... an operate silently for decades. Some osteoporosis fractures may escape detection until years later. Patients may not thus be aware of their osteoporosis until suffering a painful fracture. The symptoms are then related to the location of the fractures. Heart disease Heart disease is the number one killer of women after menopause.

One out of two postmenopausal women will develop heart disease, and one out of three will die from it. Although the onset of heart disease in women lags behind the onset in men by about a decade, the occurrence of heart disease increases after menopause. Furthermore, there are actually more women than men who eventually die of heart disease. Being a female over the age of 55 is one of many risk factors for heart disease.

What are the treatment options for menopause? Treatments for menopause can be divided based on those symptoms that are present in a given woman at a specific time. Treatment of Early Onset Symptoms Abnormal Vaginal Bleeding Prior to treatment, a doctor excludes other causes of erratic vaginal bleeding during the menopause transition (called the peri menopause). Women who have not yet completed their menopausal transition tend to have considerable breakthrough bleeding if they start the usual types of estrogen replacement therapy. Instead, oral contraceptives provide multiple benefits to women with peri menopausal bleeding; regularization of menstrual periods, contraception, and relief of hot flashes. Oral contraceptives are considered safe in healthy, non-smoking women. Hot Flashes Hot flashes can be treated with either oral (by mouth) or transdermal (patch) forms of estrogen.

Both oral and transdermal estrogen therapies are available either as estrogen alone, or estrogen combined with progesterone (see Medicine Net. com's Hormone Replacement Therapy article). All available prescription estrogen replacement therapies, whether oral or transdermal, are effective in reducing hot flash frequency and severity. Generally, available treatments decrease hot flash frequency by about 80 to 90%.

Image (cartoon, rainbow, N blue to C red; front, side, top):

Mood Symptoms Scientists are currently evaluating which types of mood symptoms, such as irritability or tearfulness, are improved by estrogen replacement. Similarly, studies are underway to determine which symptoms are actually due to menopause versus other factors. Women may experience relief of irritability with oral estrogen replacement therapy. However, estrogen replacement therapy alone will not adequately treat a true medical depression, for example.

Accordingly, and for many reasons (including because treatments are different for menopause symptoms compared to depression), women who are experiencing significant mood symptoms should discuss them with a doctor to confirm that they are not symptoms of a medical depression or other problem. Treatment of Late Onset Symptoms Vaginal Symptoms Prior to being treated for vaginal irritation, burning, and itching, women should first undergo an evaluation by a doctor, including a pelvic exam, to verify that the symptoms are due to estrogen deficiency. There are local (meaning vaginal) and oral treatments for the symptoms of vaginal estrogen deficiency. Local treatments include the vaginal estrogen ring, vaginal estrogen cream, or vaginal estrogen tablets.